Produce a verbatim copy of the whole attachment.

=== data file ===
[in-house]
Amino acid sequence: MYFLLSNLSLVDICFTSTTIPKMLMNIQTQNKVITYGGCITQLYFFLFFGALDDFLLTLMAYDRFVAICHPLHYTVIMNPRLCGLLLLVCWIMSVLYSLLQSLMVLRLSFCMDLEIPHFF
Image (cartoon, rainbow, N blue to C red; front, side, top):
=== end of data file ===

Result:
[in-house]
Amino acid sequence: MYFLLSNLSLVDICFTSTTIPKMLMNIQTQNKVITYGGCITQLYFFLFFGALDDFLLTLMAYDRFVAICHPLHYTVIMNPRLCGLLLLVCWIMSVLYSLLQSLMVLRLSFCMDLEIPHFF
Image (cartoon, rainbow, N blue to C red; front, side, top):